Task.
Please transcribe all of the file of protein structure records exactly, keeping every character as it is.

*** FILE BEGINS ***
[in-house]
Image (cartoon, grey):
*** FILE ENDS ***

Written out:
[in-house]
Image (cartoon, grey):